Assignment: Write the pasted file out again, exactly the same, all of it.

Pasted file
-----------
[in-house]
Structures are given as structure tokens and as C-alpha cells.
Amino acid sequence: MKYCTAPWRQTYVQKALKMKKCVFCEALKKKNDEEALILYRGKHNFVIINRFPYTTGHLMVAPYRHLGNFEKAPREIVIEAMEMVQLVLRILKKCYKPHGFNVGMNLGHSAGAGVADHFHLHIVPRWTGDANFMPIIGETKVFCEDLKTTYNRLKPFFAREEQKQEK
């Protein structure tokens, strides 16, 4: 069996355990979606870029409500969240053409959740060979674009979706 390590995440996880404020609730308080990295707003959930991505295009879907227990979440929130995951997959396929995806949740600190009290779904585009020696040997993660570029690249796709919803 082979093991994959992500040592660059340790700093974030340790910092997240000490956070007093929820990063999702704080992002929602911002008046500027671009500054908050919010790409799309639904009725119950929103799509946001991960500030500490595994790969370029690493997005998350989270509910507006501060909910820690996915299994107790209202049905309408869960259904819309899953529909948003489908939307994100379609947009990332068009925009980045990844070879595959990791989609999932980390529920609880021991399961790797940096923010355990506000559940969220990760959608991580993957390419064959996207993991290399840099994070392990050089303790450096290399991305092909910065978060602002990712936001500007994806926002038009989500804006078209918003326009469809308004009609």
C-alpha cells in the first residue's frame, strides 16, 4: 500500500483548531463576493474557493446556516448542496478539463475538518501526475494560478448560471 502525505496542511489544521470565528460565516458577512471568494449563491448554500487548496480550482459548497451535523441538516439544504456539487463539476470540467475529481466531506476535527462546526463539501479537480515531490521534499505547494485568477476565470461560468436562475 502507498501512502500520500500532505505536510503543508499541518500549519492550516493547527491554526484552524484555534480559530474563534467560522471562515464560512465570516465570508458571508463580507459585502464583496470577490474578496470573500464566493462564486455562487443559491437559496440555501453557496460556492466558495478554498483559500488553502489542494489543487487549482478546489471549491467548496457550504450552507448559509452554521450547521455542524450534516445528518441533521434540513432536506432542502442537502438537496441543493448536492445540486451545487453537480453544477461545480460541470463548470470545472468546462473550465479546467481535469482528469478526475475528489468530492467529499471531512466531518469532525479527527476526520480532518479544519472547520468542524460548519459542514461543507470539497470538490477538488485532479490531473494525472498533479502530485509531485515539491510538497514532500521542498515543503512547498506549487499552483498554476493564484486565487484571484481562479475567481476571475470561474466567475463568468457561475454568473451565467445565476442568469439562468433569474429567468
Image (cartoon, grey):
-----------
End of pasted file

[in-house]
Structures are given as structure tokens and as C-alpha cells.
Amino acid sequence: MKYCTAPWRQTYVQKALKMKKCVFCEALKKKNDEEALILYRGKHNFVIINRFPYTTGHLMVAPYRHLGNFEKAPREIVIEAMEMVQLVLRILKKCYKPHGFNVGMNLGHSAGAGVADHFHLHIVPRWTGDANFMPIIGETKVFCEDLKTTYNRLKPFFAREEQKQEK
């Protein structure tokens, strides 16, 4: 069996355990979606870029409500969240053409959740060979674009979706 390590995440996880404020609730308080990295707003959930991505295009879907227990979440929130995951997959396929995806949740600190009290779904585009020696040997993660570029690249796709919803 082979093991994959992500040592660059340790700093974030340790910092997240000490956070007093929820990063999702704080992002929602911002008046500027671009500054908050919010790409799309639904009725119950929103799509946001991960500030500490595994790969370029690493997005998350989270509910507006501060909910820690996915299994107790209202049905309408869960259904819309899953529909948003489908939307994100379609947009990332068009925009980045990844070879595959990791989609999932980390529920609880021991399961790797940096923010355990506000559940969220990760959608991580993957390419064959996207993991290399840099994070392990050089303790450096290399991305092909910065978060602002990712936001500007994806926002038009989500804006078209918003326009469809308004009609």
C-alpha cells in the first residue's frame, strides 16, 4: 500500500483548531463576493474557493446556516448542496478539463475538518501526475494560478448560471 502525505496542511489544521470565528460565516458577512471568494449563491448554500487548496480550482459548497451535523441538516439544504456539487463539476470540467475529481466531506476535527462546526463539501479537480515531490521534499505547494485568477476565470461560468436562475 502507498501512502500520500500532505505536510503543508499541518500549519492550516493547527491554526484552524484555534480559530474563534467560522471562515464560512465570516465570508458571508463580507459585502464583496470577490474578496470573500464566493462564486455562487443559491437559496440555501453557496460556492466558495478554498483559500488553502489542494489543487487549482478546489471549491467548496457550504450552507448559509452554521450547521455542524450534516445528518441533521434540513432536506432542502442537502438537496441543493448536492445540486451545487453537480453544477461545480460541470463548470470545472468546462473550465479546467481535469482528469478526475475528489468530492467529499471531512466531518469532525479527527476526520480532518479544519472547520468542524460548519459542514461543507470539497470538490477538488485532479490531473494525472498533479502530485509531485515539491510538497514532500521542498515543503512547498506549487499552483498554476493564484486565487484571484481562479475567481476571475470561474466567475463568468457561475454568473451565467445565476442568469439562468433569474429567468
Image (cartoon, grey):